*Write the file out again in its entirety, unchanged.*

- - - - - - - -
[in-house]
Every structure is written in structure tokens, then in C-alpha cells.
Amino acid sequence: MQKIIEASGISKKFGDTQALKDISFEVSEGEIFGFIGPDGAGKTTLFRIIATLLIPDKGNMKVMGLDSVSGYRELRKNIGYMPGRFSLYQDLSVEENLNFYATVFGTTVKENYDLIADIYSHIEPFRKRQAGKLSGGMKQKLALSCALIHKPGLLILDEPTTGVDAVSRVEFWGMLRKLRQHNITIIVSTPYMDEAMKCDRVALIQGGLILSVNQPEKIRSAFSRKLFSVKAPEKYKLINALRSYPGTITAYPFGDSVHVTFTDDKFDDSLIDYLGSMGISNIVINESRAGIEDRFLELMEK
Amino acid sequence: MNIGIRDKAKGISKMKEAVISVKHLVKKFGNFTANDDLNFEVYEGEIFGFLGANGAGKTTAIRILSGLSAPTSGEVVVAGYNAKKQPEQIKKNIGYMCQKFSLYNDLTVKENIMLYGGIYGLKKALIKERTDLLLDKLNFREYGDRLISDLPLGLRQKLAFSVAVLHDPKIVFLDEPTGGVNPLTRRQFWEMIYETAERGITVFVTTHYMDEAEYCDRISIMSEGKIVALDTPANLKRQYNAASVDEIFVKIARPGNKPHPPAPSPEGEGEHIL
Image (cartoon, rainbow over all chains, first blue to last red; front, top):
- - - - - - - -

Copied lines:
[in-house]
Every structure is written in structure tokens, then in C-alpha cells.
Amino acid sequence: MQKIIEASGISKKFGDTQALKDISFEVSEGEIFGFIGPDGAGKTTLFRIIATLLIPDKGNMKVMGLDSVSGYRELRKNIGYMPGRFSLYQDLSVEENLNFYATVFGTTVKENYDLIADIYSHIEPFRKRQAGKLSGGMKQKLALSCALIHKPGLLILDEPTTGVDAVSRVEFWGMLRKLRQHNITIIVSTPYMDEAMKCDRVALIQGGLILSVNQPEKIRSAFSRKLFSVKAPEKYKLINALRSYPGTITAYPFGDSVHVTFTDDKFDDSLIDYLGSMGISNIVINESRAGIEDRFLELMEK
Amino acid sequence: MNIGIRDKAKGISKMKEAVISVKHLVKKFGNFTANDDLNFEVYEGEIFGFLGANGAGKTTAIRILSGLSAPTSGEVVVAGYNAKKQPEQIKKNIGYMCQKFSLYNDLTVKENIMLYGGIYGLKKALIKERTDLLLDKLNFREYGDRLISDLPLGLRQKLAFSVAVLHDPKIVFLDEPTGGVNPLTRRQFWEMIYETAERGITVFVTTHYMDEAEYCDRISIMSEGKIVALDTPANLKRQYNAASVDEIFVKIARPGNKPHPPAPSPEGEGEHIL
Image (cartoon, rainbow over all chains, first blue to last red; front, top):